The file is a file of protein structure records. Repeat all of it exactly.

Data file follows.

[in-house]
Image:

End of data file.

[in-house]
Image: